(OPINION) – Good Afternoon there Thunder Bay,
Recently in the news across Canada, the housing crisis in Cat Lake First Nations has been brought to light. Folks from coast to coast are seeing the images of children afflicted by black mould and I’ll be honest even for a dead soul like me they’re pretty hard to see.
I’ve just got a few opinions to pull from my backside on this whole situation so hear me out. I understand when it comes to racial things in Thunder Bay everyones as touchy as a Vatican camping trip.
While I sympathize wholly with what’s going on when the media is coming around and you’re asking the nation to get aboard would it not be a good idea to at the very least make it appear you care about the home you’re in? The pictures in the media of homes filled with trash, childrens scribbling all over the walls and spiral nails being driven deep into drywall to hang posters do not invoke a sense of care. I’m told that the homes are not owned by the people living in them but let me tell you, if you give me a home I’m going to be damned sure I keep that thing up, it’s a blessing.
Now folks are telling me it’s hard to get cleaning supplies in Cat Lake, I do get that. Prices like $50 for a jug of bleach. Personally I couldn’t fathom such a thing however you do live in an area of abundant water and you’d be surprised what a little hot water and elbow grease can accomplish. Certain damages to these homes like fist-sized holes in the wall cannot be explained away by a lack of cleaning supplies.
Next point here is on the Federal Government and the placating they’re doing without action. I’ve been pretty vocal about my complete disbelief that the government bought a pipeline for $4.5 BILLION dollars that was going to be built and funded by private enterprise regardless of their involvement or not. That’s a hefty chunk of taxpayer dollars wasted for absolutely nothing at this point and nothing in the forseeable future. The things we could have accomplished for folks like those in Cat Lake are pretty nuts. Which leads me to my next point here, roads.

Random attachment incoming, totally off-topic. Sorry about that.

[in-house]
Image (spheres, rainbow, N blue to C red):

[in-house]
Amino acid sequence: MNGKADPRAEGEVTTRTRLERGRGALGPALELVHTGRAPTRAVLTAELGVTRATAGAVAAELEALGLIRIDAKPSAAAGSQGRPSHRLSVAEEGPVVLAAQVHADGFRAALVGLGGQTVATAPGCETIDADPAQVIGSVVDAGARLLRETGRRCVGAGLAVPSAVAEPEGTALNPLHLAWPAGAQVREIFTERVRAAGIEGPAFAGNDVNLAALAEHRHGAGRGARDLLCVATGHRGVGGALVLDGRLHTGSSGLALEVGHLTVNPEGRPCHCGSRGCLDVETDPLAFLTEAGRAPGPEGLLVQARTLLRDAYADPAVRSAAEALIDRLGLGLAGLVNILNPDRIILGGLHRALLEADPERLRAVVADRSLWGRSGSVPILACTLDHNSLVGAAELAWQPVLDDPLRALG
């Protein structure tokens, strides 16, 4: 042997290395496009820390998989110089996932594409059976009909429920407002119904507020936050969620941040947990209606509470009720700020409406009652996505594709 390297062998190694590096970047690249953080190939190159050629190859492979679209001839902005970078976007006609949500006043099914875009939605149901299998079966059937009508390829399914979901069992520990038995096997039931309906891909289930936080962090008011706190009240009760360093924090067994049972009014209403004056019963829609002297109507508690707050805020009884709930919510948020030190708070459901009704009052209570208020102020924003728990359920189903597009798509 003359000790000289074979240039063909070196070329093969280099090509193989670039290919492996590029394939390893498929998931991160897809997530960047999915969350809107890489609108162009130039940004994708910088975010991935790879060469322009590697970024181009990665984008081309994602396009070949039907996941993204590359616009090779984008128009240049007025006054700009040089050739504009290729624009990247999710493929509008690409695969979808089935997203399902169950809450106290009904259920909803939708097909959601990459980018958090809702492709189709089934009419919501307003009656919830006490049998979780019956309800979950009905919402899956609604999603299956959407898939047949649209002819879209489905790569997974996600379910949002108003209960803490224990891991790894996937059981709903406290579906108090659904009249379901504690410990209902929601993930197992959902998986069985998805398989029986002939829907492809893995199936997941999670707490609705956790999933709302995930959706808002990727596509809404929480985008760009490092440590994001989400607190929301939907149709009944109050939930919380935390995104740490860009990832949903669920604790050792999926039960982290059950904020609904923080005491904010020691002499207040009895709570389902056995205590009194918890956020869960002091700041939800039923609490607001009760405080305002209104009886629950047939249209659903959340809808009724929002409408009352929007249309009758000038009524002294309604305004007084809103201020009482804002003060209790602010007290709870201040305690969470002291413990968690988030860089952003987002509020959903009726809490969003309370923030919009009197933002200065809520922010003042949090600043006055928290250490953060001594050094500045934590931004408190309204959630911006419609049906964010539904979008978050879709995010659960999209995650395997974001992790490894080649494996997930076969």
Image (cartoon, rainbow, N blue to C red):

At what point do we stop investing in band-aid fixes here? Folks keep telling me we simply can’t build a road up yonder way because of the countryside, the muskeg but I’ve shown time and again we can and we already do, well the oilfield companies do. In locations far more remote through muskeg, swamp and seemingly impassible terrain the oilfield companies will build corduroy roads reinforced with geotextiles that allow them to run crude haulers, mining equipment, drilling rigs and all sorts of other light duty traffic through what people in the Northwestern Ontario region call “impassable”.
If the lack of a road is what keeps things so expensive in Cat Lake why don’t we stop throwing money away on things like buying pipelines that didn’t need to be bought, shipping oodles of cash overseas to fund gender studies in a country that Canadians have never heard of? Why not open roads with that money? We could put more men and women to work building these roads which would lead to more income taxes being paid, we could get men and women from these northern reserves out there working on them, teaching them how to run heavy equipment and getting them trained to work elsewhere if need be.
Hell, Cat Lake could open a pretty awesome general store, perhaps get locals into the outfitting game to act as hunting guides.
I don’t have all the answers here at all, on anything, ever. What I do know is both the folks of Cat Lake and the Federal Government both need to step their game up.
That’s just one idiots opinion though.
– Jake Kesey